More dates have been added through Feb-May for my 360º fulldome show, ‘The Search Engine’ at the WeTheCurious Planetarium in Bristol. Feb 27th / 23rd Mar / 20th Apr / 18th May – get tickets here: https://www.wethecurious.org/group/dj-food-search-engine-16

“Just had my mind blown watching @djfood‘s ‘The Search Engine’ at @WeTheCurious planetarium. SOOOO TRIPPY AND AWESOME! GO SEE IT!!” – Rebecca Evans, Bristol

Andy Votel exhibition – STOP MAKING SÉANCE

JWArchitectPromodetails One day last Autumn a mystery package arrived containing various Finders Keepers records and one very special, handmade 12″ of Jane Weaver‘s ‘The Architect’ single. One of an edition of 10, it’s a thing to behold; a test pressing hand-labelled with a paste up cover containing one of my favourite designs of last year (see this post).

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Being one of the people urging the designer to make prints of one of his posters for Jane’s Manchester gig I was gutted when my copy got lost in the post over the Xmas period. Luckily a replacement is soon to be on its way. The ‘architect’ of these creations is one of my favourite contemporary designers, Andy Votel, who will be exhibiting some previously unseen self-initiated full size paintings / collages in Manchester from the 25th at Electrik in Manchester.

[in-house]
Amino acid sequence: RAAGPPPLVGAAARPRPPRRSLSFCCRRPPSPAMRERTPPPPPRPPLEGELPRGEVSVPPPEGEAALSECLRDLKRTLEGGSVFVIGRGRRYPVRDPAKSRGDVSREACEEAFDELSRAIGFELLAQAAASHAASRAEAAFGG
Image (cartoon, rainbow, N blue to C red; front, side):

VOTEL SEANCE INVITE invite

From the press release: “Writer, DJ, designer, broadcaster, label boss and anti-musician Andy “Votel” Shallcross displays a series of original personal works created, at home, in October / November 2017.  
Based around contemporary “fakelore”, reducing influences of European science-fiction art, scholastic illustration, post-pop-art, Plakatstil and mid-century graphic design Andy uses simple methods of painting, collage, deletion and recontextualisation for these one-off, large format placards.
Adopting a recurring patchwork method found in all of Andy’s multi-discipline “magpaic” activities, the running narrative and aesthetic format used in STOP MAKING SÉANCE can be described as pictorial-anagrams, which Votel playfully refers to as Andygrams. Having designed over 200 record sleeves in over 20 years of his graphic design day-job these singular quick-fire situation-abstractions are not intended for large-scale reproduction or as communicative graphic-design thus retaining a freedom previously unexplored in Andy’s visual work and will be on display for short residency in Manchester, Gothenburg and Barcelona in early 2018.”

Check out this interview with Oi Polloi for more info and images

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Further is getting closer